Bulgaria’s attractions for visitors have grown both in number and diversity. Food and wines are delicious and affordable. Museums, churches and monasteries are a window into Bulgaria’s rich and turbulent history. 

Annie Kay, author of Bulgaria: The Bradt Guide

It might be a cliché, but in Bulgaria there really is something for everyone. The question is: where to start?

Perhaps with the capital, Sofia – the perfect destination for a relaxing city break. The centre is compact and can easily be covered on foot at a gentle pace in a couple of days, even allowing for coffee and lunch breaks. There are some familiar fast-food and retail outlets, but there is also an eclectic mix of Viennese-style boulevards, monumental set-piece official buildings from the communist era and glorious gold-domed churches. The capital is very green with numerous parks, there are museums with recently unearthed treasures and a variety of colourful markets and stylish shops to discover. There are exciting new attractions, too: the Sofia History Museum, the new art gallery complex Kvadrat, and the excavated area of Ancient Serdika.

Related books

Where to visit

Outside Sofia there are several other rewarding towns and cities, such as Plovdiv, with its UNESCO-listed Old Town, and Veliko Turnovo, the former capital. The ski resorts of Bansko, Borovets and Pamporovo offer great skiing, great nightlife and great value. The Black Sea coast has fine beaches, watersports and nightclubs, but also quieter spots for family holidays, butterfly observation and birdwatching.

Rural Bulgaria has changed too in recent years: many young people have left for the cities or abroad, leaving an increasingly elderly population to work the land. However, investment in wineries, ecotourism and activity holidays should gradually attract more people back to the countryside. It is a wonderful place to drive; roads are quiet, wildlife is rich, the mountain scenery is unrivalled and there are monasteries, archaeological sites, caves and rock formations, as well as picturesque villages and vineyards, to visit.

Bulgarians tell a nice story against themselves: God was dividing up the earth between all the different peoples; characteristically the Bulgarians arrived late and God had nothing left. So he gave them a piece of Paradise.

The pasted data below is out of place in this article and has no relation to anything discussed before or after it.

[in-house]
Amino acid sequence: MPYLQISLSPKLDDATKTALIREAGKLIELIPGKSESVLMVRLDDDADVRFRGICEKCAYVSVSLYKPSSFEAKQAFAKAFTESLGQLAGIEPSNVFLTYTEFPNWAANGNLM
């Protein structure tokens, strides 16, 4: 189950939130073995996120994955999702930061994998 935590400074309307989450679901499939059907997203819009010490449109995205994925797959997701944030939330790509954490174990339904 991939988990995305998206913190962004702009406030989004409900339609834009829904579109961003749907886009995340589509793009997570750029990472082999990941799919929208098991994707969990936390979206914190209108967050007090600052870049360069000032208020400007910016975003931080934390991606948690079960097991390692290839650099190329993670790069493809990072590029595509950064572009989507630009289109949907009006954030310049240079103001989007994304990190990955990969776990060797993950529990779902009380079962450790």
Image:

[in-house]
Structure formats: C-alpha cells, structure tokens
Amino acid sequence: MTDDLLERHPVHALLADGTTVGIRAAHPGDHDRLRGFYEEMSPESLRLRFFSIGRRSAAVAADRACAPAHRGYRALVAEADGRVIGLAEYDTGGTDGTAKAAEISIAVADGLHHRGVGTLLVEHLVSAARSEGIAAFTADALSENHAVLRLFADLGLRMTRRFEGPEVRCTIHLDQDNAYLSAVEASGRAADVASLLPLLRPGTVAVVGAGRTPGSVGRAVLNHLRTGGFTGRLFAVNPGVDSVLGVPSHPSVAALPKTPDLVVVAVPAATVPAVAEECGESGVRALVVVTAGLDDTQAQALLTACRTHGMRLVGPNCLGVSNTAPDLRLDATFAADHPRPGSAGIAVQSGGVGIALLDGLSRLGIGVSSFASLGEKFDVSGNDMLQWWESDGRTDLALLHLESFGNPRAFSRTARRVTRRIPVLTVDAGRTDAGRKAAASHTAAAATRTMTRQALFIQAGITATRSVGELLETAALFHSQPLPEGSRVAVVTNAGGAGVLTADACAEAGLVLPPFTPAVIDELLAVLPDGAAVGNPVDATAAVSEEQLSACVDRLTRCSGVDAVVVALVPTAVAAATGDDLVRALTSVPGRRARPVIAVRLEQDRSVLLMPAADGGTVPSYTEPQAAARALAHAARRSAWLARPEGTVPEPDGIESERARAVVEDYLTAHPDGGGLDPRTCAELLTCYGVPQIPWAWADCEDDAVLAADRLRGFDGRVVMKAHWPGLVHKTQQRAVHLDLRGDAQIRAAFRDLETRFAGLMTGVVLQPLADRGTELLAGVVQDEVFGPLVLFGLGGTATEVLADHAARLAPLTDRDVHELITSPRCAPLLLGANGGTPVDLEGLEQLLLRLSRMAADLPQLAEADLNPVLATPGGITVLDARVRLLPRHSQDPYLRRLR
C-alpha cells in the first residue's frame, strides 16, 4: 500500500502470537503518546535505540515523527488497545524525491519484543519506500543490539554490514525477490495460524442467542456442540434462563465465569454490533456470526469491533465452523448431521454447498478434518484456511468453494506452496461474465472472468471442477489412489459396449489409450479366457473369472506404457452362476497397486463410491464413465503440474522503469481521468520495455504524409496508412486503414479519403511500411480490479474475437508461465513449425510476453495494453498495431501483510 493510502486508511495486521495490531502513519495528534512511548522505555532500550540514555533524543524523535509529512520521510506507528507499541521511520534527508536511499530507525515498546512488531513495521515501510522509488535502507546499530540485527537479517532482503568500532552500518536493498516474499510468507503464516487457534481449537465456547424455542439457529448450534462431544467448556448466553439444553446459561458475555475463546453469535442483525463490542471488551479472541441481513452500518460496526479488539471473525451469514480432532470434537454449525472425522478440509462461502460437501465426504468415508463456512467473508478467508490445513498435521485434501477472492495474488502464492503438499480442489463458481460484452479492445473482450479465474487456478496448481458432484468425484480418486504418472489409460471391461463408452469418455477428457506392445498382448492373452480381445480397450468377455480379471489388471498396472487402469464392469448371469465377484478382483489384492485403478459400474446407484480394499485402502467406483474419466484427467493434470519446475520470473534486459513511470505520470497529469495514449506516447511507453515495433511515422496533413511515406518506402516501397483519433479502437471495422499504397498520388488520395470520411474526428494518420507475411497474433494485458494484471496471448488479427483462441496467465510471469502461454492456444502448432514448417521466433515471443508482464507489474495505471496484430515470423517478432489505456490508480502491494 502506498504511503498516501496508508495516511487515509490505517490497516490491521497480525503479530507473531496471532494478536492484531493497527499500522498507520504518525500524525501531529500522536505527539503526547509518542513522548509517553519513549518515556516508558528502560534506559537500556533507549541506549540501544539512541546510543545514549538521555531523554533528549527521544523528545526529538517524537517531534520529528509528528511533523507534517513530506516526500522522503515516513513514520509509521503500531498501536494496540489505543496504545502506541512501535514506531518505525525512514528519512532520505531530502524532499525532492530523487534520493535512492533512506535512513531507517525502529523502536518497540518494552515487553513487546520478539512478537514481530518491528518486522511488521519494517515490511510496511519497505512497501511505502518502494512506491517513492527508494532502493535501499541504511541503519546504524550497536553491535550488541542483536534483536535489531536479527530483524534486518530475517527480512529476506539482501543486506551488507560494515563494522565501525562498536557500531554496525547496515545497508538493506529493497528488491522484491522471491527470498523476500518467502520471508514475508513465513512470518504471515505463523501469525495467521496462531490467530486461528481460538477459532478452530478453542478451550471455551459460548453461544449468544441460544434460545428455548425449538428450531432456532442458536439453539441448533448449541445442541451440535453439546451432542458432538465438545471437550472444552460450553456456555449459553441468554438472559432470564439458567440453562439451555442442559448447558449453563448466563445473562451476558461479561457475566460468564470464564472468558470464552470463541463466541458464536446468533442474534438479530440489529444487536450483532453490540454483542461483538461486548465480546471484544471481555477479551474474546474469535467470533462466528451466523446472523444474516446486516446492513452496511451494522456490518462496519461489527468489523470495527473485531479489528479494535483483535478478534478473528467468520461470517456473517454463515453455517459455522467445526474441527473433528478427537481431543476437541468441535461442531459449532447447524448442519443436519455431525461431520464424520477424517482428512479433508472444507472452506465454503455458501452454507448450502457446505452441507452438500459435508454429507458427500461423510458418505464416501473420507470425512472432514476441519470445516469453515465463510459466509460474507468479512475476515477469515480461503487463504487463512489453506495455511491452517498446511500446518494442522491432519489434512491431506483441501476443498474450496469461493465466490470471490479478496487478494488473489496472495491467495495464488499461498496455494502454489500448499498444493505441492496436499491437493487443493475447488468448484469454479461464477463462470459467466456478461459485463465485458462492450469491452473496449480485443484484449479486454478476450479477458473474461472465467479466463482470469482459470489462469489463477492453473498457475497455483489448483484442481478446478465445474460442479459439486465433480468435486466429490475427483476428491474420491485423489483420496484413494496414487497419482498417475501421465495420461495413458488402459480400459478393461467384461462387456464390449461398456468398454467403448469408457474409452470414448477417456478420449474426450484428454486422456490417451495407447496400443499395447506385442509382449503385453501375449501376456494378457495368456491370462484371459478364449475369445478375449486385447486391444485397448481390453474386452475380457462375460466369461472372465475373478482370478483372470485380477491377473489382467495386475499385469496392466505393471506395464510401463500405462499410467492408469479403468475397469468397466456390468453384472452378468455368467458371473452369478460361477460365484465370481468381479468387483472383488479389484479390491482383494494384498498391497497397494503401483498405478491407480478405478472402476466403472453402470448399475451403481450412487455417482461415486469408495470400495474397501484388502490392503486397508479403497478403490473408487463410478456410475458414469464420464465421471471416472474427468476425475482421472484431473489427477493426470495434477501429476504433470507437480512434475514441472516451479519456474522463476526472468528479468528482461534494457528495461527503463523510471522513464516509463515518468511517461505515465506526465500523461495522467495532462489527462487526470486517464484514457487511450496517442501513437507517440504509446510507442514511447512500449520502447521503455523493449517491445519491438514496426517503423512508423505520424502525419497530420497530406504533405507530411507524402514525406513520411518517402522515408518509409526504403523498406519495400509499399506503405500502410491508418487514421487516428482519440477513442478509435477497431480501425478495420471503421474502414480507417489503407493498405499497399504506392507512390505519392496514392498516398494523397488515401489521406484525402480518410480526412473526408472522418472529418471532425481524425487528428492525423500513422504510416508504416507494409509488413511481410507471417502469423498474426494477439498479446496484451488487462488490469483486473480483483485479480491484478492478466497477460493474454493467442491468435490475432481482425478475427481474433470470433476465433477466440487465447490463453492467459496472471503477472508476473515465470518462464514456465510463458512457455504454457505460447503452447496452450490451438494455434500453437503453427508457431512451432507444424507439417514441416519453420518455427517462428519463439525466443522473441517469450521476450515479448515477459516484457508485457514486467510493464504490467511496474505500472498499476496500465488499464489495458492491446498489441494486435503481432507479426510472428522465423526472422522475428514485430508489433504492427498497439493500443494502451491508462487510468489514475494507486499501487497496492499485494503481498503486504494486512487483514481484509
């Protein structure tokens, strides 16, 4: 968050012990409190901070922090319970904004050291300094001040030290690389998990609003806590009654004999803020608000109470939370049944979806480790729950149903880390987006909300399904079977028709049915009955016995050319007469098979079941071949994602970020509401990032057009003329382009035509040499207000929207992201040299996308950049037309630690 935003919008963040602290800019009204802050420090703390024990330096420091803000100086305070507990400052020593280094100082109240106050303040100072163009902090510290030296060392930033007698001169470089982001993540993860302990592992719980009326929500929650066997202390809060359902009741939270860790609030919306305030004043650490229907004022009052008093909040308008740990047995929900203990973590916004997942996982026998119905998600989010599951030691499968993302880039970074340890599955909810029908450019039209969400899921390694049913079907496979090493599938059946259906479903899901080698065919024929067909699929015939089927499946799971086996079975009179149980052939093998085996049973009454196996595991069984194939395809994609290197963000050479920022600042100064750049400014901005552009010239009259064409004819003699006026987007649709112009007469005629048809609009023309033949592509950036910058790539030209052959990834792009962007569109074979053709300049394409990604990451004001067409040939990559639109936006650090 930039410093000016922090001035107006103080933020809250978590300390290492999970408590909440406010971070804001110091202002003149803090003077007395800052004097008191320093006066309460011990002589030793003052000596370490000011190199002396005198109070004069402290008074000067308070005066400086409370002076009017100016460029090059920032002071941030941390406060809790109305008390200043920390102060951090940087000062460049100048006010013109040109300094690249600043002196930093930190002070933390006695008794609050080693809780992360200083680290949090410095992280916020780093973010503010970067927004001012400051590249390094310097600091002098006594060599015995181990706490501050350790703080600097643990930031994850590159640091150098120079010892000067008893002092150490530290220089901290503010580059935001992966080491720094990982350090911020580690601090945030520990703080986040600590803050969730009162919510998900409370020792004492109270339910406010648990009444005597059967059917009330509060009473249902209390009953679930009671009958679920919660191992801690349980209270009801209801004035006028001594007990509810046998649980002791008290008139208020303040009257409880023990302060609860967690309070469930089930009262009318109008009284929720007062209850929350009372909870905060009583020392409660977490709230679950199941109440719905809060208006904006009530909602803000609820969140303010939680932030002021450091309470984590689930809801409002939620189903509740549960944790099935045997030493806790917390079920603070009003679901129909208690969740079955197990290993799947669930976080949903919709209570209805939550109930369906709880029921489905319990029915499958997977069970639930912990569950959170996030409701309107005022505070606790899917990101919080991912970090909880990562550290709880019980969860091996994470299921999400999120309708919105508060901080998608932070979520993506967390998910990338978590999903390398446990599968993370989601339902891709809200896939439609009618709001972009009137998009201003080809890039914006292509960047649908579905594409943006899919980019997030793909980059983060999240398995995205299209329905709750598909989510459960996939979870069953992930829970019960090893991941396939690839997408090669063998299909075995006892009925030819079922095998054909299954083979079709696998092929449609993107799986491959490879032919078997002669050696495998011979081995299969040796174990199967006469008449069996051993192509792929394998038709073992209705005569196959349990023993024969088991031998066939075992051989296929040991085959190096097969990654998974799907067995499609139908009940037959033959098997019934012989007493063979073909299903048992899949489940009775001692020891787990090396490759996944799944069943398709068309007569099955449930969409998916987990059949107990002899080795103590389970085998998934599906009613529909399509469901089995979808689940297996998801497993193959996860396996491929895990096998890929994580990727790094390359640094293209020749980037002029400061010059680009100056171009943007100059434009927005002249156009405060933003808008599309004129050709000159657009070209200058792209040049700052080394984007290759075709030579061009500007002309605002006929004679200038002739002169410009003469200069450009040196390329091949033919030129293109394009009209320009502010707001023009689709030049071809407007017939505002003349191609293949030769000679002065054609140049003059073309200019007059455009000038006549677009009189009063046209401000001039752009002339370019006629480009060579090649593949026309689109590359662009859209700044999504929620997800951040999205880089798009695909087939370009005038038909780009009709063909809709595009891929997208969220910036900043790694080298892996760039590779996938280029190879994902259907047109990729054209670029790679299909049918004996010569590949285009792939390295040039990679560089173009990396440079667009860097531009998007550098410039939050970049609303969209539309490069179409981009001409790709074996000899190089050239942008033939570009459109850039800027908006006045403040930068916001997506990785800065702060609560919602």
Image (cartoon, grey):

So, whether you are looking for mountains or monasteries, wine or walking, beaches or birds, Bulgaria really does cater for all your needs. Visit and you will be welcomed with open arms.

Related articles

Martenitsa Bracelet Tree Bulgaria by Gustav Wikimedia Commons

Bulgaria’s intangible cultural heritage

From carpet-weaving to fire-dancing.

Monasteries, mountains and magnificent architecture: the best of Bulgaria

What not to miss on a visit to this culturally rich country.

Nasir Al-Mulk Mosque Shiraz Iran Colourful Places by Cat MacGregor Shutterstock

Brighten up your day with the world’s most colourful places

Sit back and enjoy this kaleidoscope of colours.

Rila Monastery Bulgaria by Takashi Images Shutterstock

Welcome to Bulgaria: a land of magnificent monasteries

While some are a carnival of colour, others are characterised by a serene tranquillity.

Burgas Wetlands Bulgaria

Burgas Wetlands: the birding Mecca

This area is attractive to birdwatchers all year round.

basque country

The world’s best lesser-known wine regions

We’ve all heard of Burgundy and Tuscany, but what about Kosovo and Israel? 

An Englishman’s home: Europe’s most impressive castles

From complex histories to spectacular architecture, castles have so much to offer.